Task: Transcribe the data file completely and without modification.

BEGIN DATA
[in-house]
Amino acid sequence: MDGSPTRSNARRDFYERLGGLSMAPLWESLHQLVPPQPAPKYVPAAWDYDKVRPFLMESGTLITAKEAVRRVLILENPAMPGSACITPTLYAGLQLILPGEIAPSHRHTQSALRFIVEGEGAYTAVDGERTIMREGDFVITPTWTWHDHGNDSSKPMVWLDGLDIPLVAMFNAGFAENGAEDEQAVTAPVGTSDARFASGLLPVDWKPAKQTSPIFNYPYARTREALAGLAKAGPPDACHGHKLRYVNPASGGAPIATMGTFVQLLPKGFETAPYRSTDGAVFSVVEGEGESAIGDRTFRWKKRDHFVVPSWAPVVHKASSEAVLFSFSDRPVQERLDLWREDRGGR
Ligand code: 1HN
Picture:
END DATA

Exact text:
[in-house]
Amino acid sequence: MDGSPTRSNARRDFYERLGGLSMAPLWESLHQLVPPQPAPKYVPAAWDYDKVRPFLMESGTLITAKEAVRRVLILENPAMPGSACITPTLYAGLQLILPGEIAPSHRHTQSALRFIVEGEGAYTAVDGERTIMREGDFVITPTWTWHDHGNDSSKPMVWLDGLDIPLVAMFNAGFAENGAEDEQAVTAPVGTSDARFASGLLPVDWKPAKQTSPIFNYPYARTREALAGLAKAGPPDACHGHKLRYVNPASGGAPIATMGTFVQLLPKGFETAPYRSTDGAVFSVVEGEGESAIGDRTFRWKKRDHFVVPSWAPVVHKASSEAVLFSFSDRPVQERLDLWREDRGGR
Ligand code: 1HN
Picture: